Los Angeles man jailed for waste mishandling
Behzad Kahoolyzadeh, a west Los
Angeles man, was sentenced in January in U.S. District Court in
Los Angeles to 37 months in jail and forced to pay $1.29 million
in cleanup costs for conspiracy to improperly store and transport
dangerous chemicals, primarily the dry cleaning solvent perchloroethylene
(PERC). Kahoolyzadeh, who also used the names Behzad Cohen and
David Cohen, pleaded guilty on March 4, 2004, to conspiracy on
two counts of the illegal transportation of hazardous waste and
two counts of illegally storing hazardous waste.
Kahoolyzadeh was associated with
a company called AAD Distribution and Dry Cleaning Services, Inc.
(AAD), based in Vernon, California. The company was one of the
largest handlers of dry cleaning waste in California until it
was shut down in January 2001. It charged dry cleaners to pick
up, treat and arrange for the disposal of a hazardous dry cleaning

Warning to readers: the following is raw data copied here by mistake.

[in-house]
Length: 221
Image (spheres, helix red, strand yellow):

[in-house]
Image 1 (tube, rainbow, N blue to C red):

compound known as PERC, a cancer-causing chemical. To hide permit
violations from city and state inspectors, Kahoolyzadeh and his
partners conspired to load drums filled with PERC waste onto trucks
before inspections. They then shipped the drums off-site and stored
them at facilities that were not permitted to store hazardous
wastes. Manifests for these shipments were falsified to conceal
the illegal shipments.
Hormoz Pourat, vice president of AAD, was also previously sentenced
to 37 months in federal prison and ordered to pay $1.29 million
in restitution for conspiring to violate hazardous waste laws.
The cases were investigated by
EPA’s Criminal Investigations Division; the Federal Bureau
of Investigation; the U.S. Department of Transportation; the California
Environmental Protection Agency, Department of Toxic Substances
Control; the city of Vernon; and the Colorado State Attorney General’s